Rosa P.

again using the same spoon to try the food again and again, getting into the food, don´t think this is correct


Cooking with Fanny, and introducing us to the talented people at her restaurant, and all the growers and gardeners, mentors and friends, relatives and students who share and shape her life-- Alice moves me deeply. A Masterclass indeed, to be taught by a woman who appreciates the nature and the aesthetic potential of the vegetable or person who is in front of her. This restaurant kitchen is unlike any I have seen. The sensual pleasures of it are, just as she says, an extension of her home. Is it odd, that in addition to learning about cooking, this class is filling my sketchbook with ideas for pots and vessels I will go and make now? In addition to new practices, my own typical avenues of creative expression are "waking up," getting tingly like taste buds encountering "the edge of" a salad. Alice's aesthetic sensitivity is just a huge gift. The fruit plate she makes-- has anyone else called it "edible ikibana"? Because that is what I thought, as she composed it.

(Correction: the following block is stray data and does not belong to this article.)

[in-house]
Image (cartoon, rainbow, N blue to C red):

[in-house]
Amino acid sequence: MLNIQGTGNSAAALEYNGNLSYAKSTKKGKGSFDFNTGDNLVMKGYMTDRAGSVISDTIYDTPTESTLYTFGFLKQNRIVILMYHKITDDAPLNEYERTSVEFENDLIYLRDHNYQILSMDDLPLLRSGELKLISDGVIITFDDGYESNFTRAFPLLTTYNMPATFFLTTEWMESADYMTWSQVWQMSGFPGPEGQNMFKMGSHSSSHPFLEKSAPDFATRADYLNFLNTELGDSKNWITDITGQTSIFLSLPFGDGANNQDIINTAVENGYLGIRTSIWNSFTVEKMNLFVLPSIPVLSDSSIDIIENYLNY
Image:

What I don't get is, she's talking about one cup of flour to one egg and two egg yolks. In the Book is two cup of flour to two eggs and two egg yolks. What's not correct?


After this lesson, I decided to make a different pasta every week in order to learn and develop my skills. This video did an incredible job of teaching me how to make pasta, particularly to know what texture to strive for at each step of the process. It really helped to watch a professional confidently work with the craggy, sticky mixture of flour and egg until it gradually transformed into a unified, elastic piece of dough. Being able to watch this transformation- and refer back to it- gave me the confidence I needed to get started and really enjoy the process, knowing that with patience and kneeding I could learn to make such delicious pasta at home. My husband and I have made pasta together twice now, and we look forward to continuing to learn, grow, and enjoy delicious food every week.